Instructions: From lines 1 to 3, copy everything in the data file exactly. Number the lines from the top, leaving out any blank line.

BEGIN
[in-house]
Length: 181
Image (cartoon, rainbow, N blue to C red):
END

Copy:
[in-house]
Length: 181
Image (cartoon, rainbow, N blue to C red):